Comment: Charles Saatchi’s brutish bullying must bring the necessary public response to what is all too often considered a ‘private’ matter.
The latest report into domestic violence from the World Health Organisation (WHO) makes for grim reading. In the most wide reaching study of it’s kind, in collaboration with the London School of Hygiene and Medicine and the South African Medical Research Council, it is reported that 1 in 3 women are victims of sexual or physical violence, and that assault at the hands of an intimate partner or ex-partner are by far the most common.
It is not clear if Nick Clegg considers these findings to be ‘fleeting‘ or not but Dr. Margaret Chan, director general of the WHO has correctly described the findings as revealing ‘a global health problem of epidemic problems’.
Recent photographs of Charles Saatchi ’emphasising [his] point’ by grabbing wife Nigella Lawson by the throat, Nick Clegg’s bumbling response when asked about his views on those photographs and Saatchi’s chilling account of what was first described as a ‘playful tiff‘ before the acknowledgment of his common assault provide a salient backdrop to the release of the WHO report.
Saatchi attempted to clarify matters with a carefully crafted statement following his acceptance of a caution from Metropolitan police and duly provided more clarity than he surely intended, his comments serving only to further undermine his pitiful attempts at justification. ‘I told Nigella to take the kids off till the dust settled’, he boldly declared, seemingly incognizant of the idea that two people might prefer to discuss such things together in partnership, rather than simply dictate to one another.
It is tragic that Nigella Lawson finds herself unwittingly transformed from domestic goddess to the face of domestic violence but the tragedy lies in her having to live with such a pervading threat to her health and the very real threat to the mental wellbeing of her children.
A lesser known consequence of the prevailing tide of domestic violence is the detrimental effects on children witnessing such violence. In 2003, a staggering meta analytical report of some 118 studies concerning itself with the psychosocial outcomes of children who witness interparental violence found that not only was there a significant association between exposure and child problems but that those outcomes were not significantly different to those found in children who had experienced the physical or sexual abuse themselves.
In the UK, domestic violence kills two women every week. The response to this horror ought to be multifaceted on behalf of government and unflinching in it’s delivery. Unfortunately, the only multifaceted aspect to the government’s toolkit is the wide ranging nature of the impositions it places before women who find themselves living in such peril.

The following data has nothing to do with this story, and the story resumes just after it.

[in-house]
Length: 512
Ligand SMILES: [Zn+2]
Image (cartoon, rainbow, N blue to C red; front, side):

The benefit cap which will roll out in July, the new universal credit scheme (stipulating that all payments be made to one named individual in a relationship) which will result in abusers strengthening their control on household finances and the abolition of community care grants and crisis loans will only serve to further jeopardise women’s security and compromise their ability to escape. Another problem highlighted recently by Sandra Horley, chief executive of Refuge, is that local authorities under increasing pressure to cut costs are prioritising their funding for local residents. This is particularly damaging for women subjected to domestic violence who often travel far from their homes in search of safety.
The picture in Ireland is just as bleak. Council of Europe (COE) recommendations are that there be one refuge place (space to accommodate one women and her children) per 10,000 people. In Ireland, that would equate to 446 spaces. Currently there are 143 spaces available and funding continues to be cut. In 2011, on 2,537 occasions services were unable to accommodate women and their children seeking urgent assistance due to their places being full or there being a lack of refuge in the area.
Charles Saatchi last year published a collection of responses to journalists (Saatchi rarely provides interviews and we now know why) on a range of topics. It’s title, ‘Be the Worst You Can Be: Life’s Too Long for Patience and Virtue‘, seems all the more loathsome given recent events. The truth is that Charles Saatchi, for whatever success he has achieved in his professional life, is a failed human being, controlling, egotistical and entirely deserving of the criticisms now hurled in his direction but there is a danger in focusing on Saatchi’s emergence as poster boy for the shameful thugs that perpetrate these crimes. We must ensure we remain focused on the behaviour and not any one individual.
Domestic violence will end where it begins… with us.
It’s time to Man up.